Feeling French: 6 Differences in Everyday Etiquette

Abigail Nowell is a student at the University of Arkansas. She is an ISA Featured Blogger and is currently studying abroad with ISA in Lille, France

In only three weeks in France, I’ve learned so many things about the French culture, especially about what is and what’s not correct. Here are 6 differences I’ve noticed between the United States and France.

1. Hello and Good-Bye.

The French say hello and goodbye all the time, even to strangers. My friends and I found it odd how a stranger on the elevator would say, “Bonjour!” even though we had never seen them before. To the French, this is the equivalent of Americans smiling to strangers; however, smiling at strangers in France is considered more of a romantic gesture. Also, restaurant employees and shopkeepers find it incredibly rude if you don’t say hello when you enter their establishment. Once you purchase something at a shop, you can expect many farewells, such as, “Merci! Au revoir! Bonne journée!” (Thank you! Goodbye! Have a good day!)

2. Checks at restaurants.

Restaurant etiquette is not made very clear at first, so it might take you a few meals to figure it out. You have to ask the waiter to bring you the check, or he will think you are still enjoying your meal or your company. French meals are very serious endeavors, and are equally as much a social event as a time for eating. Also, the check will never be split—sometimes you can pay for your individual meal with a card, but the majority of the time everyone has to pitch in with cash.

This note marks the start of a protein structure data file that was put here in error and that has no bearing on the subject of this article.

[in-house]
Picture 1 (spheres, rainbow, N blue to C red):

3. Air Conditioning.

That is, the lack of air conditioning in France. This was the biggest adjustment for me to get used to. Typically, the north of France is very cool, but the first week upon arrival was unusually warm. Most of the French establishments don’t have air conditioning, so you can either choose to sweat it out or buy a small fan like I did.

Apartment—Here is a glimpse of my apartment, including my personal fan that served as my “best friend” for the summer!

4. Water at meals.

Be prepared to order a pitcher of water for the table! The proper term is “un carafe d’eau”, which is simply tap water. Otherwise, servers will charge you for a large bottle of flat or sparkling water.

5. Mayonnaise.

The French put mayonnaise on everything! So, keep this in mind when ordering any type of sandwich. Since I don’t like mayonnaise, this was kind of unfortunate for me as most lunch options are pre-made (with mayo). Mayo is also a popular condiment for dipping with French fries!

Cafeteria-Pictured here is a typical lunch from our school cafeteria—a ham sandwich (with mayo), a side, and French fries-with ketchup for me!

6. Counting.

The French can be a little deceptive when it comes to numbers. Many times, I saw card games include “0” as an option, and building levels begin with a “0” floor. For example, one of my classes was on the 4th floor, but I actually had to take five flights of stairs! So, be sure to look for an elevator (if there is one!).

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